AARP.com – The Truth About Living Trusts – San Luis Obispo, Paso Robles, Arroyo Grande and Santa Maria
Below is information that I received from the AARP.com site. It is GREAT information about, “The Truth About Living Trust.”
For more information, you can call one of our offices in Paso Robles, Sant Luis Obispo, Arroyo Grande/Grover Beach and serve Santa Maria.
The Truth About Living Trusts
Just like a will, a revocable living trust is a written document that lets you direct how your property will pass after your death. Unlike a will, it also directs how you want your property managed during any disability.
To establish a trust, the person creating it (called the creator, grantor or settlor) writes a trust document and transfers property into the trust. The trust does not take effect until the creator transfers ownership of property to the trust. This transfer is known as “funding” the trust.
A living trust takes effect during the creator’s lifetime. Creators often name themselves as the initial trustee responsible for managing the trust. This allows the creator to keep control over the trust property during his or her lifetime.
Why a Living Trust?
A properly created living trust can be helpful if you need help managing assets during a disability (and a power of attorney won’t work), if you have children or grandchildren with special needs, or own real estate in more than one state. It is also just one of several ways to avoid going through probate. (Probate is the legal process to prove that a will is valid.)
If you think a living trust is for you, get advice from an estate planning attorney. You can call your
local bar association lawyer referral service for the name and phone number of an attorney who specializes in estate planning.
Why NOT a Living Trust?
Living trusts are not the right estate planning tool for everyone. Several reasons you might consider a living trust are listed above. If you don’t fall into one of those categories, you might be better off with a will. Aggressive salespeople might try to convince you otherwise. But a qualified estate planning attorney can help you figure out what would work best for you.
AARP research shows that the greatest growth in sales of living trusts is to people who are least likely to need one. Living trusts are not the solution that salespeople make them out to be. Take your time. Do your homework. And learn to spot the scams.
What’s the scam?
There are several, unfortunately.
The claim: A living trust will preserve your legacy to your loved ones by helping you avoid probate
costs and estate taxes.
The truth: Most people don’t need to worry about probate or estate taxes. They’re often not as bad as salespeople say they are. Most living trusts aren’t designed to avoid estate taxes. And there many easier, cheaper ways to avoid probate than a living trust.
The claim: The living trust documents (or kit) sold by the salesperson are prepared by an attorney.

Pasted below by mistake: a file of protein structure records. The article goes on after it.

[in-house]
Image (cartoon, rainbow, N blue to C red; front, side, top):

The truth: Pre-printed, generic forms are often passed off as custom-made documents. There is
often no attorney involved. The package may be overly expensive. The forms may not meet the
requirements of state law. And they often don’t include clear instructions on how to fund the trust.
Poorly drawn or unfunded trusts can cost you money and endanger your best intentions.
The claim: The free lunch time seminar will give you good, objective information on living trusts.
The truth: These seminars (or home visits) are designed to sell you a living trust. Salespeople often inflate the costs involved in settling an estate, and promote living trusts as THE solution. They are often aggressive in their sales tactics, pressuring you to buy right away (or risk losing the “good” deal).
The claim: A card arrives, saying that a recent AARP study finds that the probate process is outdated and costs Americans billions each year.
The truth: AARP has never given permission for living trust marketers to use its name. Responding to this card may make you a target for a hard sell from marketers, or possibly a scam. If you receive a card saying something like this, please send the card to:
AARP Consumer Protection
601 E Street, NW
Washington, DC 20049
We may not be able to respond, but your response will help us keep fraudulent marketers
from using AARP’s name.
And the scams don’t stop with just living trusts. In fact, salespeople will often try to get you to fill out forms that disclose your financial assets. Once they’ve see your finances, they often recommend different investments, usually insurance-type products like annuities. Their aim is not to meet your estate planningor investment needs. Their aim is to earn high commissions from the sale of these products.
Remember: If you want to know if a living trust is right for you, get advice from an estate planning attorney.